Friday, May 27, 2016
There continues to be various debates online about how NWS computing power and models compare and contrast with those of the ECMWF. However, our massively over-budgeted DoD seems to be working in the computing dark ages, as per a recent report and news stories - below.
Posted by Bob Maddox at 7:32 AM
Thursday, May 26, 2016
SPECIAL TROPICAL WEATHER OUTLOOK NWS NATIONAL HURRICANE CENTER MIAMI FL 825 AM EDT THU MAY 26 2016 For the North Atlantic...Caribbean Sea and the Gulf of Mexico: 1. A low pressure area centered between Bermuda and the Bahamas is gradually becoming better defined while shower activity is increasing. Environmental conditions are expected to become more conducive for tropical or subtropical cyclone formation on Friday while the system moves west-northwestward or northwestward toward the southeastern United States coast. With the Memorial Day weekend approaching, all interests along the southeast coast from Georgia through North Carolina should monitor the progress of this low. An Air Force reconnaissance plane will be scheduled to investigate this low on Friday. The next Special Tropical Weather Outlook on this disturbance will be issued by 3 PM EDT today. For additional information on this system, see High Seas Forecasts issued by the National Weather Service. * Formation chance through 48 hours...medium...50 percent * Formation chance through 5 days...high...70 percent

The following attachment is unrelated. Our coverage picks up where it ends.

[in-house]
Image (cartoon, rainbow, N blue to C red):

Posted by Bob Maddox at 7:51 AM
Wednesday, May 25, 2016
Large tornado west of Dodge City, Kansas, yesterday afternoon. There were many tornadoes observed during the afternoon and evening, with multiple tornadoes observed at some times. There are many many photos and videos on the internet, indicating a severe convergence of storm chasers into the region.
The images shown here are mostly from Jack Diebolt, who uses private sector analysis software (GRAnalyst) to plot/analyze radar and other data in near real-time. The image above shows the small storm near Meade at 2127 UTC (4:27 pm CDT) that will develop into the supercell that moves north toward Dodge City. The supercell near Scott City was also producing tornadoes. There are a number of boundaries at low-levels interacting with the storms. One of these was the dryline but others were from prior or ongoing convection. The visible satellite image below is from about 2130 and also has plots of surface dewpoints. Much more dense surface observations would be needed to sort out the boundaries and their character.